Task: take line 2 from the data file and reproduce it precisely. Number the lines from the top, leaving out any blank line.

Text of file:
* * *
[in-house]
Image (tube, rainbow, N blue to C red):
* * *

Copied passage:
Image (tube, rainbow, N blue to C red):